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Body of Seymour man found in Cedar Gap Conservation Area

Investigation still ongoing; more than 200 searchers worked the difficult terrain before family and friends made discovery

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The body of a missing Seymour man was discovered in the Cedar Gap Conservation Area in Wright County several days after he was first reported missing. The fate of Bradley Sanders, who was previously seen on Wednesday, Jan. 12, was discovered on Monday, Jan. 17, when his body was found in a remote area about a half-mile from the nearest trail.

Wright County Sheriff Sonny Byerley said there is an ongoing investigation.

Toxicology reports and an autopsy have been ordered to help law enforcement officials determine a cause of death.

“It’s a sad situation and my heart and my staff’s hearts goes out to that family and we pray they get some closure because the body has been found,” Sheriff Byerley noted. “…It was a recovery mission to go in there and retrieve the body and collect all of the evidence that we can find on scene and my detectives are bringing all of that data back in order to start looking at possible solutions as to what caused the death of this man.”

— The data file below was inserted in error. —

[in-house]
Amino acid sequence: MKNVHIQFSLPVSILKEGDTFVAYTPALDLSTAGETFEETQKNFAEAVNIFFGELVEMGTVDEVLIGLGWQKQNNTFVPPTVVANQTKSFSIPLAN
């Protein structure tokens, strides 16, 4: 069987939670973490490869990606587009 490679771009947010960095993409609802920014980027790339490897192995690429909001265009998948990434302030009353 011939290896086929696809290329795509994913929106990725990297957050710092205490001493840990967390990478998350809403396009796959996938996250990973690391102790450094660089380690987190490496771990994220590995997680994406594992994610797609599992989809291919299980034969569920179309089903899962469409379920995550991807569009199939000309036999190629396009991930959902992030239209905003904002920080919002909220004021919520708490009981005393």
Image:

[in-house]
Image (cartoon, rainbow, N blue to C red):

Sheriff Byerley said his office first received a call from the Seymour Police Department on Friday, Jan. 14 around 3 p.m. alerting them of the missing person, who was last known to have been in the conservation area two days earlier.

This led to a search team of nearly 200 people on Friday that included volunteers from four different counties, fire personnel from two counties as well as officers from Seymour, Mountain Grove, Mansfield, Hartville and the Wright County Sheriff’s Office.

A big challenge for searchers, according to Sheriff Byerley, is that the area is “dense, heavily-wood with deep ravines and high hill tops.” The first search was called off at 3:30 a.m. on Saturday, Jan. 15 to regroup. Inclement weather led to Saturday’s later search being cut off.

Family members, friends and church family members continued their search efforts on Saturday, Sunday and Monday, many using horses to help with the challenging terrain. It was that group that made the discovery on Jan. 17.

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